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With most catastrophic events, the collectivizing of shared experience begins from a point of difference. Conversations about the JFK assassination, the Challenger disaster or 9/11 begin with where people were, how they found out, followed by the myriad possible responses.
What happened to our country, to the world, in March and the months to follow is notable for its relative sameness. Assuming a certain amount of privilege, for weeks or months, lockdown generally meant lives restricted within the same four walls, varied by the same overly cautious neighborhood walks, spiced up by the same Netflix binges. Quarantine became a universal experience and established a universal aesthetic of jittery FaceTime calls and choppy Zoom backgrounds.
Air date: Aug 08, 2020
That aesthetic has carried over, with no particular inspiration, into the first round of TV shows about the pandemic, made more out of TV networks’ need for original content than any narrative imperative, introspection, or frankly, audience demand. Like found-footage horror in which the horror is everyday life, offerings from Love in the Time of Corona to Coastal Elites have taken a similar Mad Libs approach to early pandemic nostalgia.
Annie (Otmara Marrero) has a crush on her bestie Ben (Preacher Lawson), but emotionally needy Ben can’t let go of his Instagram influencer offscreen girlfriend. Pradeep (Parvesh Cheena) is stressed out by the ubiquity of his offscreen husband and kids, so he has to hide in the closet. Garrett and Michelle (real-life spouses Keith Powell and Jill Knox, allowing them actually to be onscreen together) have married-people problems. Ellis (Shakina Nayfack) is experiencing the dangers of the gig economy in a pandemic. And Rufus (Ely Henry) is a doomsday prepper, relishing his moment in the figurative sun.
They all meet for regular online hangouts where they spend 10-15 minutes of each episode obsessing over relatively frivolous things like Annie’s crush, Pradeep’s inability to find Woody Harrelson’s vegan mac-n-cheese and the ill-fated vacation Garrett tries to organize. Then, like clockwork, they get a reminder of the world beyond themselves.
Connecting… does decently with the frivolous part of the equation, but I find something genuinely unpleasant about using abrupt, unearned emotional nods to George Floyd’s murder as a one-off TV comedy kicker.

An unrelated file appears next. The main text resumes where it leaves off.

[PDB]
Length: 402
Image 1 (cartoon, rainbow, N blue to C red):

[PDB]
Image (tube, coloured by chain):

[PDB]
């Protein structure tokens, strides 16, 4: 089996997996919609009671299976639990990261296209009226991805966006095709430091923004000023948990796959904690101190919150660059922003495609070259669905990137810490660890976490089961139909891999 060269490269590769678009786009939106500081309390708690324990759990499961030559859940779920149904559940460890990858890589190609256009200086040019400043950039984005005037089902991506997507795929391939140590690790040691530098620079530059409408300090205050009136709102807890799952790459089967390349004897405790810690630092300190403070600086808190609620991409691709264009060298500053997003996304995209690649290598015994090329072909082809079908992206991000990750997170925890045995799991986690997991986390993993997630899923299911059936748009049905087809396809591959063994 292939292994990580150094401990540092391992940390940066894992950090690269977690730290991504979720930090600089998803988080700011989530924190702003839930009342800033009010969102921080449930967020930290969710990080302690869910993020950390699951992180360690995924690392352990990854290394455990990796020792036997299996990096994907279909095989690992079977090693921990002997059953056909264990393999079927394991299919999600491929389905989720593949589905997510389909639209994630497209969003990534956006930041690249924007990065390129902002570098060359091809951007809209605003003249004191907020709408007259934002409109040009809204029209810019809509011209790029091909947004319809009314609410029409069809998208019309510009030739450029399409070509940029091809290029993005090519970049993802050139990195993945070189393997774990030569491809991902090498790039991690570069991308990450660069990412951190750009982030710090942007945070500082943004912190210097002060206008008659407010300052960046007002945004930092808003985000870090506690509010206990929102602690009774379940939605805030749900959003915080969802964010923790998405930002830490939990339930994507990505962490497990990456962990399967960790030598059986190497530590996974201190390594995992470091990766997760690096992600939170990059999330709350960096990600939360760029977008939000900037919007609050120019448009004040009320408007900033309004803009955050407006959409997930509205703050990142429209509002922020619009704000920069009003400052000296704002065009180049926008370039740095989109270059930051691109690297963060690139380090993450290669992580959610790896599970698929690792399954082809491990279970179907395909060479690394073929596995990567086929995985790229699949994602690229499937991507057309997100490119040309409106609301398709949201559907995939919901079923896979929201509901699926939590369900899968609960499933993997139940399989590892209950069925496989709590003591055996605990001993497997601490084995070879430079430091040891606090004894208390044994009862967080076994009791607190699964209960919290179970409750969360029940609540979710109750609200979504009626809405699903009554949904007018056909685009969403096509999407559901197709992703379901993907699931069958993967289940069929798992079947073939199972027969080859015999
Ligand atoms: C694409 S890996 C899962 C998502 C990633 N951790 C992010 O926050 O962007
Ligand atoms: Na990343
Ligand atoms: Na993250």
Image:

Although the cast has been directed in the same broad strokes as have marred so many of these quarantine productions — “Look directly into the camera, get too close to the microphone and yell” — it’s a reasonably likable group, with a reasonably relatable/likable group of basic dilemmas. One can imagine them slotting in comfortably between Single Guy and Friends in a retro Must-See-TV NBC lineup.
You have to leave aside that the conversations, built around Zoom-esque split-screens of two to five people, feel more like conversations had by five people on a coffee shop couch than on a video service. Or maybe these are just the most polite friends in the world, happy to let each other get out their punchlines without interruptions and experiencing technical issues only as jokes.
You also have to leave aside that we’re being asked to invest primarily in a will-they-or-won’t-they coupling in which the potential romantic partners never share the screen for a second and therefore can only convey imagined chemistry.
If you leave aside those things, and leave aside how many of the punchlines are verbatim punchlines the entire world has already been reading on Twitter for six months, you can settle in painlessly with this group.
Cheena has a couple very funny moments, Powell and Knox have a believable (thank heavens, for the sake of their relationship) rapport and Marrero and Lawson are both the kind of photogenic screen presences audiences mechanically crave to see partner up, even without reason. The thing that surprised me after watching the three episodes of Connecting… sent to critics is that I might, in a different world, be perfectly happy to check back in with this group of actors and characters as the focus of a more traditional single-camera broadcast comedy in a year or two.
What I don’t have is a reason to want to keep following their quarantine lives, since the first three episodes jump from the beginning of quarantine to Day 30 and Day 78. Maybe if you live in a Florida or South Dakota, you’re already missing those halcyon days of toilet paper shortages and masking up to go get tear-gassed by police at protests.
To me, it all feels too close for any sort of “Man, remember that?” reflection and certainly the writers here don’t have any either. I definitely don’t think the show has cracked the problem of finding a way to vary any of this visually so it doesn’t just feel like a formal exercise. And that’s without complaining about those all-too-real dramatic beats that may move some viewers, but came across as tacky for me (especially if you can do the math and guess what horrible events are coming).
Connecting… feels like another, maybe slightly better than some, version of something networks decided they needed without any corresponding audience demand.
Cast: Otmara Marrero, Parvesh Cheena, Keith Powell, Jill Knox, Shakina Nayfack, Ely Henry, Preacher Lawson
Creators: Martin Gero and Brendan Gall
Airs Thursdays at 8:00 p.m. ET/PT on NBC starting Oct. 8, moving to 8:30 p.m. ET/PT on Oct. 29.
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